The David Suzuki Foundation is calling on governments and rail, road and hydro agencies across Canada to join the growing ranks of milkweed lovers who are rallying to support monarch butterfly conservation.
Over the past month, U.S. federal and state agencies have made encouraging announcements, including a commitment of US$3.2 million for programs to grow milkweed — the plant monarchs depend on — in schoolyards and gardens and on highway roadsides from Mexico to Minnesota.
Last year NRDC filed a petition with EPA asking them to review the use of glyphosate (also known as Roundup) in light of its effects on monarch butterflies and to impose restrictions on its use. After more than a year, EPA has yet to respond to our petition so today we are filing a lawsuit to compel them to act with expediency.
Anyone who has been following the plight of the monarch butterflies knows that they are in trouble.
Monarchs have been in the news a lot lately, most of it grim. Numbers have dropped dramatically over recent years from various causes, including climate change, illegal logging at the insects’ overwintering sites in Mexico and new practices in the agricultural industry.
A major factor is the widespread use of GMO crops that are Round-Up resistant, allowing U.S. farmers in the monarch’s summer breeding grounds in the Corn Belt to spray the herbicide on their fields to kill weeds.
We are writing to further engage you in taking more immediate and larger scale actions to help farmers recover milkweeds and other native plants for threatened monarchs. These same plantings will also help recover populations of native bees and honeybees required by farmers.
While we are grateful to specific individuals on your team who have already affirmed their commitments to positive change, we remain concerned by the mixed messages coming from your organization as a whole.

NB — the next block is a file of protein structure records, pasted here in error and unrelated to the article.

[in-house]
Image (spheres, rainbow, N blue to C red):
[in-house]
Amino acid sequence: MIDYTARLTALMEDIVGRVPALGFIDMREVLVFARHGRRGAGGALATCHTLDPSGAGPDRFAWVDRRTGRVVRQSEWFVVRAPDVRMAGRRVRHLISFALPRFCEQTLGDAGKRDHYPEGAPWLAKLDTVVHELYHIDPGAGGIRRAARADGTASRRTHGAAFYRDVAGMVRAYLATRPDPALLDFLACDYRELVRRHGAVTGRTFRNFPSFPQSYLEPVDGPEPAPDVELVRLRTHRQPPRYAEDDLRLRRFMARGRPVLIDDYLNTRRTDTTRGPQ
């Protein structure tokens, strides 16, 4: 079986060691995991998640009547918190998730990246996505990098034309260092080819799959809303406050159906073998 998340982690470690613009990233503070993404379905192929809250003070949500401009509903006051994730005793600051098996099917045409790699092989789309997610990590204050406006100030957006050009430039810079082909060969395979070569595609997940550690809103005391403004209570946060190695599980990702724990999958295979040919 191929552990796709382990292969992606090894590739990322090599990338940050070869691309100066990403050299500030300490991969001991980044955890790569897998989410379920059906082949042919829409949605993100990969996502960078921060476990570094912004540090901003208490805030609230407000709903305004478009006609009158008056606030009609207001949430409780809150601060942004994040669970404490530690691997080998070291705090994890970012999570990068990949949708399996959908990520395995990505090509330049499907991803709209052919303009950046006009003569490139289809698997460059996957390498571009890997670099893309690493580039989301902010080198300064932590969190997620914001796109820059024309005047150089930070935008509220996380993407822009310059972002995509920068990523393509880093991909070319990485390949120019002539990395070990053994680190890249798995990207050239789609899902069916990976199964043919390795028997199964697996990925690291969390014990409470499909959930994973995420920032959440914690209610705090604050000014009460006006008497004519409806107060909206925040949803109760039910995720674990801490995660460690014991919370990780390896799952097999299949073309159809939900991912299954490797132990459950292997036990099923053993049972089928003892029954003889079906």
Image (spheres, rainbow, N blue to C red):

You could make a good case that the Monarch butterfly is America’s favorite insect. Unfortunately, it’s in a death spiral, of our making, as we may have lost 90 percent of the Monarch. This week, the U.S. Fish and Wildlife Service unveiled a massive effort to save the Monarch migration, which will soon carry the butterflies over Oklahoma, on their way from Mexico to the upper Midwest.
We used to be able to blame the Monarch’s decline on Mexican farmers, who cut down the trees in the butterfly’s over-wintering grounds.
The MJV brings together numerous conservation, research, and educational programs along with their respective resources in a coordinated effort to conserve monarch butterflies and their amazing migration.
Recently, the Monarch Joint Venture welcomed the National Wildlife Federation (NWF) as a partner to strengthen monarch and pollinator conservation throughout their networks and programs.
Monarch butterflies have experienced a breathtaking decline in the past 20 years, going from a billion strong in 1996 to roughly 30 million today because of habitat destruction. On Monday, the U.S. government announced the first federal pot of money for rescuing monarchs, with the Fish and Wildlife Service earmarking $3.2 million for the effort.
About $2 million will go toward conservation programs…
Threatened animals like elephants, porpoises and lions grab all the headlines, but what’s happening to monarch butterflies is nothing short of a massacre. The U.S. Fish and Wildlife Service summed it up in just one grim statistic on Monday: Since 1990, about 970 million have vanished.
It happened as farmers and homeowners sprayed herbicides on milkweed plants, which serve as the butterflies’ nursery, food source and home.